light Yule Wreath up on the wall for Yule this past December
21 and watched the sun sinking over the horizon on this
shortest day of the year. I already had my secular Christmas
tree up in my living room, so the Yule Wreath was put in a
different room and just for 24 hours. I thought of the changing
seasons and the power of the Winter Solstice.

What would I put on an altar, or more specifically, what item(s)
would you suggest that I focus upon to mark Imbolc,Ostara,
Beltane, Midsummer, Lughnasadh and Mabon?. A Pumpkin
seems appropriate for Samhain and a Wreath for Yule. I was
thinking of trying to obtain a candelabrum which depicts
the triple Goddess and has holders for three candles for
Imbolc. I saw one for sale on eBay a few years ago, but
I would very much appreciate some suggestions as to
what items/inanimate objects I should make the decorative
focus for the other sabbats?.

Thank you!

Madame Monpetit
David Dalton
2013-02-09 06:08:32 UTC
Permalink
In article
Post by Madame Monpetit
Dear David,
Thank you for those wonderful suggestions.
Sorry to pester you further, but I was just wondering
if you have any suggestions for what do use in terms
of altar decorations for all sabbats?. For example,
while I am relatively new to neo-paganism, I did carve
a Jack O' Lantern for Samhain this past October 31
and also lite a few tea lights separately from the carve
Pumpkin in honor of some recently departed dear souls
who have passed. I also partook in some more secular
Halloween traditions afterwards such as watching scary
movies with friends and shelling out candy to trick or
treaters in my apartment building!. I also put a multi-colored
light Yule Wreath up on the wall for Yule this past December
21 and watched the sun sinking over the horizon on this
shortest day of the year. I already had my secular Christmas
tree up in my living room, so the Yule Wreath was put in a
different room and just for 24 hours. I thought of the changing
seasons and the power of the Winter Solstice.
What would I put on an altar, or more specifically, what item(s)
would you suggest that I focus upon to mark Imbolc,Ostara,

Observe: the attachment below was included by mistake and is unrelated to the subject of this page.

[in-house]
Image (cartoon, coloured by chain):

Beltane, Midsummer, Lughnasadh and Mabon?. A Pumpkin
seems appropriate for Samhain and a Wreath for Yule. I was
thinking of trying to obtain a candelabrum which depicts
the triple Goddess and has holders for three candles for
Imbolc. I saw one for sale on eBay a few years ago, but
I would very much appreciate some suggestions as to
what items/inanimate objects I should make the decorative
focus for the other sabbats?.
I don't have an official altar though on some
shelves in a corner of my old room I did keep
some objects with special significance to me.
But I haven't yet set it up in my new room,
and as I mentioned before, the candles which
were on those shelves are now in front of my
fireplace.

For Imbolc you could have some ewe's milk,
or if that is not obtainable then some
goat's milk or cow's milk.

For Ostara probably an egg.

For Beltane maybe something that you relate
to your lover or someone you hope to be your lover.

For Midsummer maybe something related to the sun.

For Lughnasadh I suggest an ear of corn, or
something else that is harvested around then
in your locale.

For Mabon something that is harvested around
then in your locale.

Again, the more knowledgeable Wiccans are on
alt.religion.wicca.moderated
and soc.religion.paganism, which are two
moderated groups (so you should post individual
posts to each instead of crossposting, and it
will take a while for your posts to show up
due to the moderation delay, but after a while
you earn automatic approval). You might also
want to explore http://www.witchvox.com .
--
David Dalton ***@nfld.com http://www.nfld.com/~dalton (home page)
http://www.nfld.com/~dalton/nf.html Newfoundland&Labrador Travel & Music
http://www.nfld.com/~dalton/dtales.html Salmon on the Thorns (mystic page)
"Here I go again...back into the flame" (Sarah McLachlan)